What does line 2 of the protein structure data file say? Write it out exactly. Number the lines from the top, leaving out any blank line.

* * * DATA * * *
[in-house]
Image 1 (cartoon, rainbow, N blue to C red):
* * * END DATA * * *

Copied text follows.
Image 1 (cartoon, rainbow, N blue to C red):